Arnett suggests the need for a developmental perspective in research on adolescent driving. Specifically, he argues that there are developmental sources of risk not addressed by the current literature that would further our understanding of crash risk among young drivers. He first outlines a developmental framework for understanding age related distinctions, and then highlights specific developmental sources of risky driving including power of friends, optimistic bias, and adolescent emotionality. He concludes with some issues about male gender and cross national studies. In this discussion, we briefly comment on these areas and propose some overall questions and research directions that investigators and policy makers may want to consider as we attempt to further understand and reduce the negative outcomes associated with driving during adolescence and young adulthood.


    In the developmental framework section, Arnett raises one of the most critical issues in attempting to understand this period of the life cycle—age. Although related, chronological age and development are not the same. Yet, investigations of both health promoting and damaging behaviors during the second decade of life often confuse these variables. In fact, most studies do not provide a rationale for choosing or studying a specific age group. Many samples are chosen by convenience or from extant national data sets where the age cohorts are chosen with little thought about development. None of the current national data sets provide policy makers with a true picture of mortality as it relates to the true driving behavior of young people, as these data are typically grouped into age ranges such as 15–19, 20–24, 15–24, and 14–44; none of these age groupings make sense given the variation in emotional, psychosocial, and environmental factors within these groups.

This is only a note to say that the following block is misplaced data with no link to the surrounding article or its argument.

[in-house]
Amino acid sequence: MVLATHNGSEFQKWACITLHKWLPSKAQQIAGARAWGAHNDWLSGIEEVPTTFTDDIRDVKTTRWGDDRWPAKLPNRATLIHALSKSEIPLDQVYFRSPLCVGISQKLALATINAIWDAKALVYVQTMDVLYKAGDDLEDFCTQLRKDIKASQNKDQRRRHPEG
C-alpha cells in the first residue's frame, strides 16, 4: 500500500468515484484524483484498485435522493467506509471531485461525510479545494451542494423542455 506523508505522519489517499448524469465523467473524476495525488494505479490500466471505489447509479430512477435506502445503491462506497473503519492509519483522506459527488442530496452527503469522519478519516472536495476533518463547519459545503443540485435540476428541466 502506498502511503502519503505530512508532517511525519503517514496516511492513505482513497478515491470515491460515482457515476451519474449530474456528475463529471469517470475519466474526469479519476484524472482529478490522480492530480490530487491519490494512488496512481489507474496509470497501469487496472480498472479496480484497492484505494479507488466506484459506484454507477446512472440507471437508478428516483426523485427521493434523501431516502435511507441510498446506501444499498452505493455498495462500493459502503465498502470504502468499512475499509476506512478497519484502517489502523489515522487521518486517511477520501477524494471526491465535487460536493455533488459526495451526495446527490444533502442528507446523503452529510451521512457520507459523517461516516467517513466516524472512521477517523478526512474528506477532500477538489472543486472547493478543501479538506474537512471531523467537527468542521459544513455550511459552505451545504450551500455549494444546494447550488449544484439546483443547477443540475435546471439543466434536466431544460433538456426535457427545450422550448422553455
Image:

The argument that Arnett makes about distinguishing adolescence from young adulthood when understanding driving behaviors is an important one. This argument can be extended to include not only the need to address other areas of development that might influence risk of injury or fatality while driving, but also the need to examine developmental factors including cognitive abilities that might influence the acquisition of driving skill and norms among drivers of different ages that may, in turn, have policy implications.


    Arnett makes a strong case for the importance of friends and the role that friends may play in driving with resultant crash or injury. He argues that cliques play a critical role in the development of young people and provide the social norms during early/middle adolescence. He then suggests that since crashes are more likely to occur when there are other teens in the cars, these adolescent cliques are associated with higher crash rates during adolescence compared to young adulthood. Although it makes sense that crash rates are higher when multiple passengers are in the car, presumably because these passengers can distract from one’s driving ability, we need to clarify whether the passengers are members of their cliques and associated networks or whether they are other individuals, possibly even older than the friends in their cliques.